Ballard Lane

Story

Symbolizing the diversity of the Central Coast

A former Wells Fargo stagecoach stop, the town of Ballard was founded in 1880 with lofty dreams of being a future metropolis. But sometimes history has a different plan. While Ballard is the oldest community within the famed Santa Ynez Valley on California’s Central Coast, it’s also the smallest, despite the dreams of its founders.

Ballard was named for William Ballard, who ran the Wells Fargo station from 1862 to 1870. Although Ballard served as the connection point between rural and seaside communities, it never grew in mass like its neighbor Santa Barbara and is now much as it was over 100 years ago.

Today, Ballard is a combination of a sleepy village and an upscale bedroom community. The surrounding area is noted for its thriving and well-respected wine industry and was featured in the Academy Award-nominated film “Sideways.” Vineyards, coastal bluffs and ranches merge seamlessly together through roads the locals call “lanes.” Ultimately, many of these paths end up in Ballard.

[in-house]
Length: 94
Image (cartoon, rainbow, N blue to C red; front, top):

The Ballard Lane wines are a reflection of the Millers, a Central Coast family who has farmed the area for five generations. Their proprietary knowledge of the climate and terroirs of the Central Coast are reflected in each bottle of Ballard Lane wine.

John Crandall
John’s curiosity for grape growing & winemaking has led him to become an enologist, winemaker & college lecturer. John received a Bachelors of Fermentation Science from the University of California Davis and began his career at Cambria as an enologist. Over the next few years, John was promoted to Assistant Winemaker & Winemaker. John then moved on to help Meridian Santa Barbara Chardonnay become one of the top Chardonnays in the United States.

Winemaker
John Crandall Winemaker
John Crandall Winemaker
Overview
Country America
Region California Wine
Appellation Central Coast, Paso Robles, Santa Barbara County

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